WASHINGTON — Seniors are increasingly passing the pipe.
About 9 percent of US adults between the ages of 50 and 64 have used marijuana at least once during the survey year, while 3 percent of those over 65 have done so, new research finds.
For middle-age adults, the percentage of cannabis users has doubled over nearly a decade, according to the study, published Thursday in the journal Drug and Alcohol Dependence. Older adults have seen a seven-fold increase in that period.
Though marijuana use is increasing among older Americans, “most of these people are not first-time users,” said Joseph Palamar, senior study author and an associate professor in the Department of Population Health at New York University Langone Medical Center.
“I don’t think we need to worry about millions of older people trying weed for the first time,” he said. “At least not yet.”
‘High rates of unhealthy substance use’
Palamar examined data from 17,608 adults 50 and older who took the National Survey on Drug Use and Health. The federal Substance Abuse and Mental Health Services Administration has conducted this survey each year since 1971 in all 50 states and the District of Columbia.
Participants answer questions about their tobacco, alcohol and drug use in addition to providing demographic information and details about their health.
Analyzing survey data from 2015-16 and 2006-07, the researchers compared marijuana users and non-users within and across age groups both past and present.
Prevalence of past-year marijuana use was 9 percent among middle-age adults and 2.9 percent among older adults, and past-month use prevalence was 5.7 percent among middle-age adults and 1.7 percent among older adults, according to the report.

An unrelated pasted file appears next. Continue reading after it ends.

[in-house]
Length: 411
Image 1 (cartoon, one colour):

“We found high rates of unhealthy substance use (tobacco, alcohol, prescription drug misuse) by middle-aged and older adults who use marijuana,” Dr. Benjamin Han, lead author of the study and an assistant professor at the New York University School of Medicine, wrote in an email.
For example, the study shows that nearly 5 percent of middle-age marijuana users had alcohol use problems, 9 percent depended on nicotine, and 3.5 percent misused opioids; among older adults, 1.5 percent had alcohol use problems, 3.5 percent depended on nicotine, and 1.2 percent misused opioids.
In addition to opioids, past-year marijuana users were more likely to misuse sedatives and tranquilizers than their peers, according to the report.
Han said that “polysubstance use” or the “use of multiple substances, especially unhealthy use, is particularly risky for older adults with chronic diseases.” Marijuana may intensify symptoms of existing conditions while interacting with prescribed medications.
Palamar noted that “depending on the drugs combined, the effects can be much stronger.”
“Combining marijuana with alcohol can really knock someone on their ass if they weren’t expecting such strong effects,” he said.
Health and legal risks
Baby boomers have more experience with marijuana than previous generations, the study authors said. More than half (almost 55 percent) of middle-age adults have used marijuana at some point in their lives, while over a fifth (about 22 percent) of older adults have done so, Han and Palamar found.
With a growing number of states legalizing medical and recreational marijuana, health care professionals find themselves in a bind, Han said.